“The pay is lousy and the hours can be terrible, but you can change the world through journalism. That's the only good reason to get into this trade, because when you're looking for a friend, remember that the dog can't read.”
RISIUS: Yeah, so Art is, I think, an incredibly rich and engaging character. In the spring of 2017, I as a news junkie as I think probably most of your listeners also are, saw that the announcement for the 2017 Pulitzers headline was “Small North Iowa Newspaper Wins Pulitzer Prize” and it wasn't quite like the head spinning of an owl that you might see, but I certainly did. I had to do a couple of double takes and seeing that, I of course read his articles. I started looking him up within a couple of days. I called him, I thought. This is really a great article, he's a very unique voice. I reached out to him. I completely fell in sync with what he was doing with what he was saying. And you know, that voice of his and his writing, you know, really does come across as very Iowan, his voice. Listen, I think he certainly, you know, is driven by maybe fits of rage, but you know, he's angry, he's angry at what has happened to or what is happening to this country. And I really appreciate what he's doing.
LEVISON: I just wanted to add that I think that so much of the news that we have access to is really dominated by coastal voices, especially East Coast voices. I think we felt like this was an opportunity to highlight a voice from the middle of the country, part of the country that isn't heard from as much. You know, at the same time, it's not just that, it's just so brilliant and also has such a point of view that is informed by where he lives and the experiences of his community. So we did think that there was an opportunity here to not just share a voice, but a perspective that isn't often heard.
PRENTICE: Storm Lake has been featured at film festivals, winning awards along the way. And now here you are on the verge of seeing your film brought into homes across the U.S. on PBS. So, Beth, talk to me about your anticipation.
LEVISON: Yeah, we're absolutely thrilled that the film is going to be on public television. This film is about a unique voice and iconoclastic voice, an independent voice. We felt that it was really important that the film be available to as many people as possible, and we felt that because this film tells the story of people whose voices aren't always heard. We really wanted to make sure that the film was available to people who might not be able to afford a Netflix subscription or a, you know, a streaming subscription. We just wanted it available to all. That's really in the spirit of the movie. And so we felt like public television is available everywhere to everyone. In the end, we really hope that people who see the film don't just see it as a film about the Cullen family and the Storm Lake Times and Storm Lake, Iowa. We really hope that viewers perhaps see themselves in their own community in the film and that it encourages them or it inspires them to rethink their own relationship to local news. Are they subscribing to their local newspaper? Are they business owners placing ads in the local newspaper? Are they supporting this pillar of American democracy in their own community?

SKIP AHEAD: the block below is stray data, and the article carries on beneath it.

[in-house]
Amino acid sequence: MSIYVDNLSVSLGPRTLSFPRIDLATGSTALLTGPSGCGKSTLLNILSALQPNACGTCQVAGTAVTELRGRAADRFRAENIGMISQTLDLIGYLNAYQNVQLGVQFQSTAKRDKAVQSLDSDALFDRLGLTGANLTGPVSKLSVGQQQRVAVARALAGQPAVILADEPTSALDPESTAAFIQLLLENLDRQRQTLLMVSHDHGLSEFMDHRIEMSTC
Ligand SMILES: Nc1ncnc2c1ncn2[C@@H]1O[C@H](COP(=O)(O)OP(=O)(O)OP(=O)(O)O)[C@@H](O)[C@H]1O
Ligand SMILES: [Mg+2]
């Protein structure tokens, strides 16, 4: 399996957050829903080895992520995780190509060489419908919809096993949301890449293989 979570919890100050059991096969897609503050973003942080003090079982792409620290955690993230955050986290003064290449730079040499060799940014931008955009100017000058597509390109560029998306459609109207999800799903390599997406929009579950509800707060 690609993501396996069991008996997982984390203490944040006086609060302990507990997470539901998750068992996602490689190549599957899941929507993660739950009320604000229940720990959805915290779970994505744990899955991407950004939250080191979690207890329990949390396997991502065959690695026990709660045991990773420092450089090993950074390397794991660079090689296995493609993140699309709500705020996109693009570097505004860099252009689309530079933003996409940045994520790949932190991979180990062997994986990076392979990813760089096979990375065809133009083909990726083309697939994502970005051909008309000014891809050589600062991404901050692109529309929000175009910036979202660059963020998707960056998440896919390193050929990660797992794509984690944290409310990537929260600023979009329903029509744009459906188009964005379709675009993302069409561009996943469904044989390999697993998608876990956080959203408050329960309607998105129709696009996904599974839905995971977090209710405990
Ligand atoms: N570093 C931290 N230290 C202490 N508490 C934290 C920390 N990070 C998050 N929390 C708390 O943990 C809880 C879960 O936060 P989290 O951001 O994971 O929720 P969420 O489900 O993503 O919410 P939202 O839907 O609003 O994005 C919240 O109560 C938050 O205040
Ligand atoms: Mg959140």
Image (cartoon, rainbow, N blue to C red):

RISIUS: And I'm just going to add on to the back of what Beth said, but I'm also going to going to quote Beth because I think one of the last interviews we did is as we go out into these screenings, you know, we begin to have a Q&A and Beth was answering a question in the audience members started actually talking to the journalists. That was the moderator of these conversations. So this is this is a big, big push in that in such a positive sort of, you know, outcome of of getting the film out, which is that the community that's coming out is actually then looking at who they are and what is happening because, you know, newspapers many times tell stories about the local community, but they don't tell their own stories. Many people have no idea their media literacy is so low that they have no idea what's happening financially. They're just going to go on to Facebook and look at what the what might be reposted or something that they might be able to find scraps on and on social media. You know, we're really happy that this is this is happening and that we hope that people bring this conversation into their communities and continue to do so.
PRENTICE: They are Jerry Risius and Beth Levison, directors of Storm Lake. You won't want to miss it. It airs on PBS November 15 and will stream online at PBS soon thereafter. Great. Good luck to you. Congratulations. Thanks for giving us some time this morning.
LEVISON: Thank you so much.
RISIUS: Thanks George
Find reporter George Prentice on Twitter @georgepren